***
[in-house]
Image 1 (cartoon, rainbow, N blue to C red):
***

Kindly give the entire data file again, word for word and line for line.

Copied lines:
[in-house]
Image 1 (cartoon, rainbow, N blue to C red):